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New to direct investing? Part 8

Lessons from the Investing School of Hard Knocks Add to ...

Gail Bebee is the author of No Hype - The Straight Goods on Investing Your Money. She can be reached at gbebee@gailbebee.com; her website is www.gailbebee.com. This is part eight of a 12-part series for people that are new to investing on their own.

I've been investing on my own for about 10 years now. In that time I've made my share of investing mistakes. I think I've learned a thing or two from my misadventures. In the interest of helping readers avoid some of the dumb, and not so dumb but unsuccessful, things I have done, this article recount some of my mistakes, and more importantly the lessons I have learned in the Investing School of Hard Knocks.

About 10 years ago, Labour Sponsored Investment Funds (LSIF) were very popular. The tax treatment of qualifying LSIFs was enticing: 15 per cent tax credit from the federal government, 15 per cent tax credit from most provincial governments plus a 5 per cent Ontario tax credit for research-oriented LSIFs.

Mesmerized by the substantial tax savings, I bought the Canadian Medical Discoveries Fund, an LSIF which invested in medical research companies and qualified for all the tax breaks. What I didn't pay enough attention to was what the fund invested in - small and micro-cap Canadian companies involved in medical research.

New to direct investing? The series

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I was effectively signing up to be a venture capitalist, not the best bailiwick for a retail investor. I also didn't check what I would be paying the fund company to manage the fund. Looking back, I am astounded to discover that the management expense ratio was over 5 per cent, much higher than the 2-2.5 per cent of the average Canadian equity fund at the time. Even worse, I bought this in my RRSP and could not use any tax loss to reduce any capital gains I had made in my regular account.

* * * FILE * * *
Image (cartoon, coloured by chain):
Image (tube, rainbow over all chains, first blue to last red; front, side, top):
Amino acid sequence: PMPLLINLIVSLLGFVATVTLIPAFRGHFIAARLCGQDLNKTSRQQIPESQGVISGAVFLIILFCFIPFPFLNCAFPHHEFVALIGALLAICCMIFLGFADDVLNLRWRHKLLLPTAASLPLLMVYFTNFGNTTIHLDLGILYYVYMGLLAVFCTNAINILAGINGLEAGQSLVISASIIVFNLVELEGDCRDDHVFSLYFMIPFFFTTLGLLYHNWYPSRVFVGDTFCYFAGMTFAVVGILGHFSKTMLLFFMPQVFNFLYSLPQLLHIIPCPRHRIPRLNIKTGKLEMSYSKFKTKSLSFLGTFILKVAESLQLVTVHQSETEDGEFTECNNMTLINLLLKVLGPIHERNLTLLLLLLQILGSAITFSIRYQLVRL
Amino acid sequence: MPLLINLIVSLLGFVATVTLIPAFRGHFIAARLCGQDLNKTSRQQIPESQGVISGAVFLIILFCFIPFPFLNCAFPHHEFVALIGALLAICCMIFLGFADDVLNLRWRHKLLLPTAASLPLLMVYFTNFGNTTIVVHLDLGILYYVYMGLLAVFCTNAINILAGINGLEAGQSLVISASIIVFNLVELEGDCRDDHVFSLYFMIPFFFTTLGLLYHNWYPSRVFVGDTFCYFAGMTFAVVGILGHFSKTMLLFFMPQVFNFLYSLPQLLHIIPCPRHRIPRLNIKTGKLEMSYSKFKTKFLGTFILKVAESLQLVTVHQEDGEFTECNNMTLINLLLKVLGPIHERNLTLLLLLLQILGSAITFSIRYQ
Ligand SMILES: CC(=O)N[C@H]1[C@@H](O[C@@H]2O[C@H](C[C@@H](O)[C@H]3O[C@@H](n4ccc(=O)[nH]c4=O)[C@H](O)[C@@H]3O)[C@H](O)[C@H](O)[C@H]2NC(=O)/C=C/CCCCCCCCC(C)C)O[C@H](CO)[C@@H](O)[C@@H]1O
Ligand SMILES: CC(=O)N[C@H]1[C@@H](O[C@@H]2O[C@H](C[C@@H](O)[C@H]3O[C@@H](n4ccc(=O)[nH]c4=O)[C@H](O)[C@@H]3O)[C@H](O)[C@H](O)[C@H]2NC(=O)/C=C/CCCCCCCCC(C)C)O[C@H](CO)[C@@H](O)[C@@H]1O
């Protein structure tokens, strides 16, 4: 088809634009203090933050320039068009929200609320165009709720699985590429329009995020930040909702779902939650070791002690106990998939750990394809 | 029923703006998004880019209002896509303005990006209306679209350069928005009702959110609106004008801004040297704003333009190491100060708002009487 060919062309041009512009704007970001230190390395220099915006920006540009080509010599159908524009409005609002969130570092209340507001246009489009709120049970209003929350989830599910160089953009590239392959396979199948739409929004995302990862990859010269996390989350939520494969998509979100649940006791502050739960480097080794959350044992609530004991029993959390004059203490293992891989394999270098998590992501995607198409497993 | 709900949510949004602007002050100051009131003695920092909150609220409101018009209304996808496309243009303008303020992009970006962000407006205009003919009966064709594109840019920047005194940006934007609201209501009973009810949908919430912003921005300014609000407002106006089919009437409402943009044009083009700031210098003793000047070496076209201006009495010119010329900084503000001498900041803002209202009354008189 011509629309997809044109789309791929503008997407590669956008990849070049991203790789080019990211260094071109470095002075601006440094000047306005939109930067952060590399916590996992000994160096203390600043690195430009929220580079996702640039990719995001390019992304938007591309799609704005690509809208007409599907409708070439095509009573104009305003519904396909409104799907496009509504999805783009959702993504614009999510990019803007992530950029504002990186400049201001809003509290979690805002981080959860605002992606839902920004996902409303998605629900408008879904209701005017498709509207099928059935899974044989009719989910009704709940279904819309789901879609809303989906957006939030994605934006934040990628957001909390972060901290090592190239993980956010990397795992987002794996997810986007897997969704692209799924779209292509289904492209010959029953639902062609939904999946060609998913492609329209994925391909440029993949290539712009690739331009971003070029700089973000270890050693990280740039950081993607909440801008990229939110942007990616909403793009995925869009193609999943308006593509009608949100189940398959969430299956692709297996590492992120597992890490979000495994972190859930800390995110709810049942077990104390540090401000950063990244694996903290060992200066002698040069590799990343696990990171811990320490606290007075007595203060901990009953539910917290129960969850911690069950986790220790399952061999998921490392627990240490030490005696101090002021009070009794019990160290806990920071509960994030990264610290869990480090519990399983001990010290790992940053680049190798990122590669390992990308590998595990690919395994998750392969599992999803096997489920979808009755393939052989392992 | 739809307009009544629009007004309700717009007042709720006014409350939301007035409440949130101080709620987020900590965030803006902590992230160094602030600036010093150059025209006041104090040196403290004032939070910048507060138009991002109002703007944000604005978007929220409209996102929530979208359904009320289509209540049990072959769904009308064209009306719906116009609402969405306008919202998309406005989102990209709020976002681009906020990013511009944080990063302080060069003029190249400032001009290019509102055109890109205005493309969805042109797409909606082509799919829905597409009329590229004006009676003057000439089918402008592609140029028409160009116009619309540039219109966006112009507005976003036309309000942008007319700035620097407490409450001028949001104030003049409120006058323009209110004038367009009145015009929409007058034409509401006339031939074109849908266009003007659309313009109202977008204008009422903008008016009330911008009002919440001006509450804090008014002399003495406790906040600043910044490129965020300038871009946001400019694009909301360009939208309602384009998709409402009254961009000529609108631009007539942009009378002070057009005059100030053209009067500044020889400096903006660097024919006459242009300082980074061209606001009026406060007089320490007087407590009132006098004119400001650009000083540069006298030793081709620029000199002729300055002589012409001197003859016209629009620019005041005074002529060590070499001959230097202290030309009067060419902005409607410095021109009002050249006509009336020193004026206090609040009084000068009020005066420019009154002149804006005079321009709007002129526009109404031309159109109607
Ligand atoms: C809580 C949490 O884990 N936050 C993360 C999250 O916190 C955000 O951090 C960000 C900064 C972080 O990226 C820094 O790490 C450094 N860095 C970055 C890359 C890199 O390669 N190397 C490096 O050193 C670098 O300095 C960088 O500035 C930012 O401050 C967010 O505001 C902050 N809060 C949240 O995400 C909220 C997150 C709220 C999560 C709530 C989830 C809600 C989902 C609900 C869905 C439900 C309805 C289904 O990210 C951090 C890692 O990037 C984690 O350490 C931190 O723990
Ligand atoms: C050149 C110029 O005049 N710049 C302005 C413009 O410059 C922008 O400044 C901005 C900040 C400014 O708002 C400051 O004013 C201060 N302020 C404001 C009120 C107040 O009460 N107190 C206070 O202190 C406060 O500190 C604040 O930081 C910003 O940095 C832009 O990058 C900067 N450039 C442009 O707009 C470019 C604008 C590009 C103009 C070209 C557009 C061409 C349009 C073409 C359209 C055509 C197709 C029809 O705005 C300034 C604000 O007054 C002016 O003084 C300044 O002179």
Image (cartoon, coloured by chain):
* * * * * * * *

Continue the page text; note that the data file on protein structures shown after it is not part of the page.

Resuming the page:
Fast forward eight years, when the investment could be sold without losing the tax breaks: the fund price was worth less than half my initial outlay and was continuing to fall. Even worse, fund redemptions were restricted because investors were bailing out as soon as the tax benefits crystallized. As well, the Ontario government decided to ratchet down the tax credits, effectively shutting down the flow of new money into LSIFs.

So many mistakes in just one investment! Here are the lessons other investors should learn from my foray into LSIFs:

• Understand what you are buying.

• Avoid funds with high fees.

• Buy the investment, not the tax treatment.

• Don't put high-risk investments in your RRSP.

I admit that I got sucked into the technology mania of the late 1990s. I bought into Nortel on its way up to $123, then watched it fall. I decided to bail out when the shares hit $75 and I had lost about 25 per cent of my investment. It was an expensive lesson to follow the crowd. Again, there is more than one lesson to be learned from my investing misadventure:

• Be very wary of investing manias, they usually result in price bubbles which eventually get pricked and deflate rapidly.

• As part of your investment purchasing decision, decide on your puke point i.e. how much you are willing to lose before selling out.

As a keen rookie DIY investor, I read all sorts of reports on what stocks to buy. Drug companies were frequently cited as a good investment for retail investors. A small Vancouver-based drug company, was in the news with a promising drug to cure an age-related eye disease which can result in blindness. Reinforced by a glowing analyst's research report and rosy future profit expectations, I bought in. Unfortunately, the drug was still in development and subsequent test results indicated it was not as effective as originally billed. You can guess what happened next. Eventually, I sold the stock at a significant loss. Once again, more than one lesson from my mistake:

• Avoid companies which only promise profits

• Buy drug companies with a sufficiently large line-up of approved products that the company will not fail if problems arise with one of its drugs

• Don't put too much weight on stock analysts' reports on companies.

Early in my career as an online discount brokerage client, I entered an order for 800 shares of Laidlaw and pressed the buy button. The order didn't appear to go through, so I tried again. After a few minutes, the account registered both purchases. I decided to keep the extra shares, thinking there was no problem overweighting a holding in a company in waste management, bus services and ambulances. Wrong on three counts, three more lessons learned:

• Find out how to properly use your discount broker's trading system before making any purchases

• Promptly correct an investing error

• Diversify your stock holdings because any company can go bankrupt, even a seemingly safe one in essential services like garbage, ambulances and school buses. Laidlaw was eventually felled by financial fraud.

The cost of attending the Investing School of Hard Knocks is high. Make sure you get a return on your tuition by learning from your own investing mistakes.

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